TAMPA, Fla. (WFLA) — Despite back-to-back insurance-friendly reforms, Florida is still struggling to keep big insurance companies operating in the state.
8 On Your Side has confirmed that effective Tuesday, Farmers Insurance is dropping tens of thousands of policies.
Investigator Mahsa Saeidi explains how this may affect you, and when.
On July 11, Florida’s Insurance Commissioner Michael Yaworsky sent a letter to Farmers Insurance.
In the letter, obtained by 8 On Your Side late Tuesday, Commissioner Yaworsky writes he’s “disappointed by the hastiness in this decision and troubled by how this decision may have cascading impacts to policyholders.”
He’s demanding Farmers give “due regard to policyholders during this transition.”
However, the transition is moving forward.
8 On Your Side has learned Farmers is not going to renew roughly 100,000 auto, home, and umbrella policies.
A Farmers spokesman says the move is “necessary to effectively manage risk exposure.”
Yaworsky is in charge of policing insurers. His office has declined interviews, but in a statement, they say they’ll “work closely with Farmers… to ensure consumer protection.”
State regulators say that if you get a non-renewal notice, you should contact your “agent immediately to seek alternate coverage.”
The question: When, if ever, will the reforms help homeowners?
Twice last year, Florida lawmakers passed sweeping property insurance reforms meant to stabilize the market and keep insurers in the state. But, they’re still reducing their footprint or leaving altogether.
Former State Sen. Jeff Brandes supports the reforms. While in office, he pushed for many of the changes now in effect.
“So, we’ve always said it’s going to take 18 to 24 months,” Brandes said.
He said he expects three to five more companies to exit the state.
“Insurance looks back, it doesn’t look forward,” Brandes added. “There is still a ton of uncertainty in this market place. Investigators are still very cautious about putting new capital to work in Florida and that’s why companies like Farmers are pulling out.”
Florida’s Chief Financial Officer Jimmy Patronis is not pleased.
Before Farmers Insurance made it official on Monday, Patronis tweeted “If that’s true my office is going to explore every avenue possible for holding them accountable.”
8 On Your Side asked the CFO’s office what Patronis intends to do in order to hold the company accountable.
“I’ve always said that when big decisions are made on insurance — the policyholder is rarely in the room — and unfortunately Farmers Insurance proved me right,” Patronis said in a statement released Tuesday evening. “I have asked my team to put their heads together in holding Farmers Insurance accountable to Florida policyholders. I want additional scrutiny on this company.”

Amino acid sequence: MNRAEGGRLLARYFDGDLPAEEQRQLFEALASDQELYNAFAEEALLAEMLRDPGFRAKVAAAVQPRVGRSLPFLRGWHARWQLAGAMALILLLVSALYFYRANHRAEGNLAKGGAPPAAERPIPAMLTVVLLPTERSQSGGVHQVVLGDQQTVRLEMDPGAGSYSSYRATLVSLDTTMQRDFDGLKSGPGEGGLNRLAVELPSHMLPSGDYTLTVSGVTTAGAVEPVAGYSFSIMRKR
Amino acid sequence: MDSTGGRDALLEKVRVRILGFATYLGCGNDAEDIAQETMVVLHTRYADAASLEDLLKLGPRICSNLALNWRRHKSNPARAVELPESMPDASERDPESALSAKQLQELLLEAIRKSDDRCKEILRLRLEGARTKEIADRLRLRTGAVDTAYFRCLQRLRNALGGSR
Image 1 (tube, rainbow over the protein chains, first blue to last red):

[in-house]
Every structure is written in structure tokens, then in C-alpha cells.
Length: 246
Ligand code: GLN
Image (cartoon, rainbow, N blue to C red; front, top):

Patronis said his Division of Consumer Services will conduct a deeper dive at complaints, and if it reaches a certain threshold, a market conduct investigation will be triggered that could lead to fines.
“It is our expectation that if Farmers cancels any policies, all prorated amounts must be returned to policyholders and we are currently working with the Florida Association of Insurance Agents to explore methods for a bulk transfer of policies,” the statement reads.
Patronis said there’s still time for Farmers to change its mind, and he encouraged the company to reach out to his office.
“I sincerely believe that with today’s actions, Farmers Insurance is well on its way to becoming the Bud Light of insurance,” Patronis said.
Now, if this is your insurance company, know that Farmers Insurance must give you 120 days notice before they drop you.
Pursuant to state law, the notices will start going out in October, so homeowners will have time to prepare for this transition.
Farmers offers insurance under several brands. A spokesman says they will keep providing insurance through subsidiaries including Bristol West®, Foremost SignatureSM, Farmers GroupSelectSM, Foremost Choice® and Foremost®-branded policies.
Here’s the company’s full statement:
“We have advised the Florida Office of Insurance Regulation (OIR) of our decision to discontinue offering Farmers®-branded auto, home, and umbrella policies in the state. This business decision was necessary to effectively manage risk exposure. Farmers offers insurance through several different brands, and this decision applies only to policies issued through our exclusive agency distribution channel. There is no impact to 70 percent of policies currently in force for customers in the state, including Bristol West®, Foremost SignatureSM, Farmers GroupSelectSM, Foremost Choice® and Foremost®-branded policies. Such policies will continue to be available to serve the insurance needs of Floridians. Affected customers will receive notifications detailing when their coverage will end and will be advised of options for replacement coverage.”
Earlier this week, Farmers also announced they were cutting back business in California due to “record-breaking inflation, severe weather events, and reconstruction costs.”
If you have a story, tip or comment, email Mahsa at MSaeidi@WFLA.com.